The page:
The multilevel version has a fully interactive atmosphere, interface, and subsurface. The vertical fluxes throughout the atmospheric portion of the model are formulated in terms of a turbulence closure which explicitly predicts evolution of the troposphere, the planetary boundary layer, and the surface boundary layer. Surface turbulent fluxes are computed as the flux that naturally appears at the lowest level of the model, without separate parameterization in terms of bulk transfer coefficients. The sensitivity of these calculations to vertical resolution and to the frequency of updating the infrared flux is described. It appears that as few as three appropriately positioned forecast levels in the surface and planetary boundary layers may be sufficient to many applications. The principal deficiencies of the approach are the relative complexity introduced by the mixed numerical treatment and a rather high computational overhead. However, the method is especially well suited to address questions of regional predictability in which limited area models have produced rather perplexing results that may be partly attributable to artificial lateral boundaries. A preliminary study of this is made for the case of topographically bound low-level jets.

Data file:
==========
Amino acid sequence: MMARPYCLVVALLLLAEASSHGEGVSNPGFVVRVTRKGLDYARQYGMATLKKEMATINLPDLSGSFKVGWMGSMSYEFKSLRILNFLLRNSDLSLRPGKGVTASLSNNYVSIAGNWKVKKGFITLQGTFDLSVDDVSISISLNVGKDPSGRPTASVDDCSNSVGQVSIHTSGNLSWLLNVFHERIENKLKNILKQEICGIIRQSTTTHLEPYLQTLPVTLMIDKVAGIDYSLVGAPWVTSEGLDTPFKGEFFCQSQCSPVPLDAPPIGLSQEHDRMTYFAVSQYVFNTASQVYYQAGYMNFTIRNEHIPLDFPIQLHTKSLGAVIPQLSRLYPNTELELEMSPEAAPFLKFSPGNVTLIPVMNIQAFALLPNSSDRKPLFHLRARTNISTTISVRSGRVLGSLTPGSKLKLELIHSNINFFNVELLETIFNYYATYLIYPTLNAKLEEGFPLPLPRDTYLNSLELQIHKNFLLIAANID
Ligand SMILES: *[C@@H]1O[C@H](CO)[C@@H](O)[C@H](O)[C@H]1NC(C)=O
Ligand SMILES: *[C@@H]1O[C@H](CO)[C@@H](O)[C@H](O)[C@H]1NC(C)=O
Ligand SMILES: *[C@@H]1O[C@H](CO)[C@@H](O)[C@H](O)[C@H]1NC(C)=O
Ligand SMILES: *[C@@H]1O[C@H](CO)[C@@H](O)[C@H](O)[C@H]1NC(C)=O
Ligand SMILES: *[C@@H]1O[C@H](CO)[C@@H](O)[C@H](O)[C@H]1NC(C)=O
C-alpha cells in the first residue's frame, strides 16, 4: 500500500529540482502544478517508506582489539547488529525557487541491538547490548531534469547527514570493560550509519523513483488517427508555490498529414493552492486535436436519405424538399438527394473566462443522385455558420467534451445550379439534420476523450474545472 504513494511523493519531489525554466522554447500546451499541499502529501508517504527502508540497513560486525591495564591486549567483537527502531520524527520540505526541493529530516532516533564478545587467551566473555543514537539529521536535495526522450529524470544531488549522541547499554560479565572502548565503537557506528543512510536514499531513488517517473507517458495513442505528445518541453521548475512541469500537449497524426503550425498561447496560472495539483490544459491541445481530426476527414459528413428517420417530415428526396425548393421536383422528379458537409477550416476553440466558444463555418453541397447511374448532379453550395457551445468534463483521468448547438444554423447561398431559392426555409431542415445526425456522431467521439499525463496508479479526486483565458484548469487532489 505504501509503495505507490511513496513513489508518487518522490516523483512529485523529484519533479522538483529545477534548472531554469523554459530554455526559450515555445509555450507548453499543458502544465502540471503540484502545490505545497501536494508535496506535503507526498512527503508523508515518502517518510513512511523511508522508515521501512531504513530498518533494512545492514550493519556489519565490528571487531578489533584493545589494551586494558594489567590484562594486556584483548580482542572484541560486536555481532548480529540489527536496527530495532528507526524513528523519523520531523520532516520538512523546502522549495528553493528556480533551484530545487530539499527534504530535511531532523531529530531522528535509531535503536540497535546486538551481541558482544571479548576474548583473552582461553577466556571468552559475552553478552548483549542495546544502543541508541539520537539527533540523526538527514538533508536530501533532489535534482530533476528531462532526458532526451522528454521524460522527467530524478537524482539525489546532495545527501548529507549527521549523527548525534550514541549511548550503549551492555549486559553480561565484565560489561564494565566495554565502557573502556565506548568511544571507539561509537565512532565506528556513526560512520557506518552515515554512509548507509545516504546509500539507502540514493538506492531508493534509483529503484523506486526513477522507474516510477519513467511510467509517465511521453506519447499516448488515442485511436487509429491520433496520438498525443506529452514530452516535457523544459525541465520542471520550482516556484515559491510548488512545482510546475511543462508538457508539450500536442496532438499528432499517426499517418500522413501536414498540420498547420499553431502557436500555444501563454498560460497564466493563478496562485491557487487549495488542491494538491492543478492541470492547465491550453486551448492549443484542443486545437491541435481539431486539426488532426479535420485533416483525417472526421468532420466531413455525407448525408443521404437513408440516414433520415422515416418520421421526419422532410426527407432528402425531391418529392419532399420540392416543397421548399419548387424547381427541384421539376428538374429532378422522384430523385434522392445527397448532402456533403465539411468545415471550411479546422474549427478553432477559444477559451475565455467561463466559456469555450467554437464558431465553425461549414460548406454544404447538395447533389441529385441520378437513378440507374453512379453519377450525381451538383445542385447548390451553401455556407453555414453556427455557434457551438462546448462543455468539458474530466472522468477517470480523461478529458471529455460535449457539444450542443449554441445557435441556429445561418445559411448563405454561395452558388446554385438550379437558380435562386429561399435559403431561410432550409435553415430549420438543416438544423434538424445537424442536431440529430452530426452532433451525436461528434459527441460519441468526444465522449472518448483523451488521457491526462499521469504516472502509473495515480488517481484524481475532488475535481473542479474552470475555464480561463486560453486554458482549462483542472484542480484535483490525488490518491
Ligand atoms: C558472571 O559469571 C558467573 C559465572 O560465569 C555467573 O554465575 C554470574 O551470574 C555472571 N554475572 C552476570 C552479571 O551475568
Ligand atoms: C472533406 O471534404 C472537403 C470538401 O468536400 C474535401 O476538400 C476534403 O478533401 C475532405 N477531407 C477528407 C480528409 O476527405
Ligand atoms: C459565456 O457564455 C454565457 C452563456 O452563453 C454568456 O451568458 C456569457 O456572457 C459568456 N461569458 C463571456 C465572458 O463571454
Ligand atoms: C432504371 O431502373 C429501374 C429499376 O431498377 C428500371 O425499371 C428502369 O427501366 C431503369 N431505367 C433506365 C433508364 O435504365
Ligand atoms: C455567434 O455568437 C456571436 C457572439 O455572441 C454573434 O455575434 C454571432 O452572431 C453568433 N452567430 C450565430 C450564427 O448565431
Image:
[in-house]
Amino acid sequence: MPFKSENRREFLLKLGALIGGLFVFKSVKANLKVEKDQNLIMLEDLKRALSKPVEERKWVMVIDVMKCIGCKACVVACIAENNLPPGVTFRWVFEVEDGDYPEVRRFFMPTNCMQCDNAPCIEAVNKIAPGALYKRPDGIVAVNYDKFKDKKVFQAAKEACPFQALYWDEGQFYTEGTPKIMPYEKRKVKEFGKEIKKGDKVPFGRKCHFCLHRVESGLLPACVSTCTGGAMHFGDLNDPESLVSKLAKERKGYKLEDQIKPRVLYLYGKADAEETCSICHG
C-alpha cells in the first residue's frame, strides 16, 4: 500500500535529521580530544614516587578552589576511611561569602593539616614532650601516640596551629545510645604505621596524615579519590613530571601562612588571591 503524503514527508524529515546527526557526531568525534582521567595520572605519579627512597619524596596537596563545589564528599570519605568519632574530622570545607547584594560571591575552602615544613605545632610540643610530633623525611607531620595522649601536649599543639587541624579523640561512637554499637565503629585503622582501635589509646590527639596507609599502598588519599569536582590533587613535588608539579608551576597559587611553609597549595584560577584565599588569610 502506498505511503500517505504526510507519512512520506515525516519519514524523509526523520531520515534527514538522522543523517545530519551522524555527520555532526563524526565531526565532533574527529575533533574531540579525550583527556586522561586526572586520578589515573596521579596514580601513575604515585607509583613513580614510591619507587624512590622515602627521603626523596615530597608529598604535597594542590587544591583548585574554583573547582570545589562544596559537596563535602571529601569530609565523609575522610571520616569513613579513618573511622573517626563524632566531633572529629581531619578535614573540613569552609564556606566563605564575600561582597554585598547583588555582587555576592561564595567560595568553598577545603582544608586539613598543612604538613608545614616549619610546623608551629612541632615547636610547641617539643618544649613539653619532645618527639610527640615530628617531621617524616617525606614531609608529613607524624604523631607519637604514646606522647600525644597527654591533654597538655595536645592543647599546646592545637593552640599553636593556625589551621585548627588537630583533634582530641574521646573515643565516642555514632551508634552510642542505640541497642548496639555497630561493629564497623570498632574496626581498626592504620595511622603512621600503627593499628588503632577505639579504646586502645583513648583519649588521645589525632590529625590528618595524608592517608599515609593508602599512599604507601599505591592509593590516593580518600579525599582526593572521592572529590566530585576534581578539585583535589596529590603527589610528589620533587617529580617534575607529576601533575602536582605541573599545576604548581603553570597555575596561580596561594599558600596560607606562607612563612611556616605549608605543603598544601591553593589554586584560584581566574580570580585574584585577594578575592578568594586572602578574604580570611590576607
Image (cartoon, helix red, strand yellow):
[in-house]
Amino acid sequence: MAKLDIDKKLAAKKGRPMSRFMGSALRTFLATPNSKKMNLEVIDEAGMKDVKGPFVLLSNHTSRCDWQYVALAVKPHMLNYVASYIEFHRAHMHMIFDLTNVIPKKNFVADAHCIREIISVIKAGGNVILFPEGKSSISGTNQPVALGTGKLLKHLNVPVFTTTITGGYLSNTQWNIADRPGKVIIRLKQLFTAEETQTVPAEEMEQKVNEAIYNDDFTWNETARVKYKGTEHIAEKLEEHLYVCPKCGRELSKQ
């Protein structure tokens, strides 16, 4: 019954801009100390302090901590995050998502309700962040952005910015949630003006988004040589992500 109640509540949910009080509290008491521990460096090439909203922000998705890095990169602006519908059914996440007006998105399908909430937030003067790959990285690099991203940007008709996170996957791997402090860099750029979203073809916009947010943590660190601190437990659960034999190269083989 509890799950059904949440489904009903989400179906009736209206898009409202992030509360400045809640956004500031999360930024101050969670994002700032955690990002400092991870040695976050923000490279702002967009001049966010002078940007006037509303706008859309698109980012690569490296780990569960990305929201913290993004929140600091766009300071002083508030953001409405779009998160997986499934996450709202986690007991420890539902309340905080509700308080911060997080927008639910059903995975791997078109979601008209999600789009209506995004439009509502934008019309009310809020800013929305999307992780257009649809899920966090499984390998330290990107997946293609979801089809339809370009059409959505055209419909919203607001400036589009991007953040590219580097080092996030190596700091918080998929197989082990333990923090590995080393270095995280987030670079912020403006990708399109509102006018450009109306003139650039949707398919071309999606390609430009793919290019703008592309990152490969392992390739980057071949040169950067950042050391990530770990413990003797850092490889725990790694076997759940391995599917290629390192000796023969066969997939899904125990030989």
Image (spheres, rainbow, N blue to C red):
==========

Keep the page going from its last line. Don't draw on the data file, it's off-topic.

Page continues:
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Jan Paegle

Abstract

No abstract available.

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Julia Nogues Paegle and Jan Paegle

Abstract

Observed perturbation kinetic and available energy are presented for a region about 3000 km on a side to study the horizontal homogeneity and general characteristics of geostrophic motions. Frequency spectral analysis is used to determine the dependence of these characteristics on time scales. For all time scales considered the perturbation energies display horizontal inhomogeneities, but these are less pronounced for shorter time scales. For time scales smaller than 4 days the spectra of horizontal kinetic and available potential energies decrease with increasing frequency, and approximately fit power laws with exponents between −2 to −3.5, depending on location. The frequency spectra for geostrophic vertical velocities are markedly different for different climatic locations. The frequency spectra are related to one-dimensional wavenumber spectra by introducing suitable transformation of variables. The results obtained for the higher end of these spectra are interpreted in terms of those predicted by Charney for quasi-geostrophic turbulence.